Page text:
The National Guard Bureau is preparing to roll out SPRINGboard, a digital tool that’ll give leaders insight into the health risk factors impacting the communities their troops call home so they can tailor prevention efforts accordingly.
During a March 5 media roundtable at the Pentagon, Capt. Matt Kleiman, who serves as NGB’s director of psychological health and directs the Warrior Resilience & Fitness Division, described SPRINGboard as “a predictive model” powered by “machine learning and advanced analytics.” He said the dashboard will synthesize population-level health-risk-factor data and internal data from the bureau to understand geographic-specific risk factors, eventually down to the county level.
“Each state and each county has different problems that uniquely impact that county, so we shouldn’t be taking a one-size-fits-all approach across the National Guard,” Kleiman said. “Each TAG [state adjutant general] should be customizing their approach … to fit with … data that is relevant for their AOR.”
In this way, Kleiman said, the Guard “can now translate prevention wins into operational gains for the military.”
NGB expects the tool to be unveiled and in use by Spring 2020, bureau spokesman Maj. Rob Perino told Air Force Magazine. The dashboard will be rolled out in multiple phases, with functionality increasing over time, he added.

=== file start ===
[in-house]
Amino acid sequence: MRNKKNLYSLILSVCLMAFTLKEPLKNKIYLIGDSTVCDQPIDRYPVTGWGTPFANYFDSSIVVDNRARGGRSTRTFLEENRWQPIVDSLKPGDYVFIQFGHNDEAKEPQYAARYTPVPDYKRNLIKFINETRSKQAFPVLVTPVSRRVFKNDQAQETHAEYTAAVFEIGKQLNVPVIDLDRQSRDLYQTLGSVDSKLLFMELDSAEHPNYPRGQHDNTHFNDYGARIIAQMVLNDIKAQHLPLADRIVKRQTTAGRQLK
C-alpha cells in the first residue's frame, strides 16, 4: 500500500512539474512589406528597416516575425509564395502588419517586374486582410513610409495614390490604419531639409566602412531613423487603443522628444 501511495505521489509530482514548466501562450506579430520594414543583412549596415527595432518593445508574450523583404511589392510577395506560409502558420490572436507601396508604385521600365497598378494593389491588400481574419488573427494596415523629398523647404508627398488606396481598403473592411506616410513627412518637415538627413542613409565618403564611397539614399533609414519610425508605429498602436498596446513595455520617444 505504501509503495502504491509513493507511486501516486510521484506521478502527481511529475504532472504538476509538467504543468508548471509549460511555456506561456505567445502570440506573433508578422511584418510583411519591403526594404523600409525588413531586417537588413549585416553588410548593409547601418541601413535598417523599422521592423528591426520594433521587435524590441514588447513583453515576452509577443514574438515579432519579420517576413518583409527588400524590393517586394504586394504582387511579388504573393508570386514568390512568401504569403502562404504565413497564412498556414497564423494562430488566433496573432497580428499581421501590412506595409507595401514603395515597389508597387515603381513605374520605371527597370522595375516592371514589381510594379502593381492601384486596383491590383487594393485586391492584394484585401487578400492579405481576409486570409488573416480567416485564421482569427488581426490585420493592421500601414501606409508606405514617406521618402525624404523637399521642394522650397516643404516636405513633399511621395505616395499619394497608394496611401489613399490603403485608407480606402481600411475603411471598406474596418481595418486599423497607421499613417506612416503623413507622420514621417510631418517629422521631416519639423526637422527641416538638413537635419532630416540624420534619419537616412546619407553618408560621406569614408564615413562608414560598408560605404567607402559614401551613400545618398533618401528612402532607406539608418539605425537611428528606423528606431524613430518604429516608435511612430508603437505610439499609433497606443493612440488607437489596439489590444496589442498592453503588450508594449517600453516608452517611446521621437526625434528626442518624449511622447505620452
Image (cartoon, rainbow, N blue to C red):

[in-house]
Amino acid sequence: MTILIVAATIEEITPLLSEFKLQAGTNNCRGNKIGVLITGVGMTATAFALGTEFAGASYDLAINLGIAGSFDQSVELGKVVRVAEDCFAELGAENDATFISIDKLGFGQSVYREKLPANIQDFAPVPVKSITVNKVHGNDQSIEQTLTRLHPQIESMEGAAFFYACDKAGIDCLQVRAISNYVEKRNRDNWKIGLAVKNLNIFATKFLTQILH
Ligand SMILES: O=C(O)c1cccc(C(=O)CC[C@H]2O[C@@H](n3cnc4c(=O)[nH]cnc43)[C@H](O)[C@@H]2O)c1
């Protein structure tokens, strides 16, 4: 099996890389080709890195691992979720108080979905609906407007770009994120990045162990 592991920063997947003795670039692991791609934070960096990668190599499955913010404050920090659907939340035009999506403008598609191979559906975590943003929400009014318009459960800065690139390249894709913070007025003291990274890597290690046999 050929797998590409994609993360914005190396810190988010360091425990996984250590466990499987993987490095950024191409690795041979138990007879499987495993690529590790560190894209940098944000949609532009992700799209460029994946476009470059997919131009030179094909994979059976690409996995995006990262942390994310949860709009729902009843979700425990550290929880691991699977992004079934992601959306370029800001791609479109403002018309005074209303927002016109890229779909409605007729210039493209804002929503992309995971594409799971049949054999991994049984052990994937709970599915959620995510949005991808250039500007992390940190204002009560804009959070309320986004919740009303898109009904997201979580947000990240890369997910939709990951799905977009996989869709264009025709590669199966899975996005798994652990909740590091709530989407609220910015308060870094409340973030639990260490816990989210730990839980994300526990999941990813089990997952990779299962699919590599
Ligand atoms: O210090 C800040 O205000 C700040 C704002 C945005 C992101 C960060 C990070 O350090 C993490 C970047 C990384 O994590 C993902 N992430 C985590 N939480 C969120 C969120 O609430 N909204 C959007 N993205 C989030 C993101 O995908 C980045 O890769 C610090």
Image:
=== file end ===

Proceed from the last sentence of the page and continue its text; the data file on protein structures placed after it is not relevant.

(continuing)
Maj. Gen. Dawne Deskins, director of manpower and personnel for NGB’s Joint Staff, said the “evidence-based approach, data-driven” resource will assist Guard leaders in making “more informed decisions about the health and well-being of our service members.”
“We’re on the leading edge of science on this, and the other reserve components are very interested in partnering with us based on the information that we have so far, so it’s a pretty exciting initiative,” she remarked at the roundtable.
The dashboard is part of NGB’s Suicide Prevention and Readiness Initiative for the National Guard, or SPRING.
“SPRING is a multiphase approach that will identify risk factors, proven effective interventions, and systematic data collection best practices,” according to a fact sheet on the effort. “SPRING will provide an evidence-based and data-driven foundation upon which NG-resilience and holistic wellness resources are developed, scaled, and evaluated for impact.”
The initiative is simultaneously evaluating “programs at the federal, state, and territory level;” analyzing relevant research pertaining to “suicide risk factors, protective factors, and potential predictive factors;” and deep-diving into data availability, housing, storage, and collection to create a knowledge base, the document explained. This three-pronged initiative will lead to “an analytic data driven solution to suicide prevention throughout the NG and an improved understanding [of] Total Force readiness,” the document continued.
In the March 5 roundtable, Kleiman stressed that SPRING is, at its core, a paradigm-shift with respect to how the Guard approaches suicide prevention and readiness.
“It really isn’t necessarily an initiative with a start and end date,” he told reporters. “It is our determination to take a more evidence-based approach to this topic.”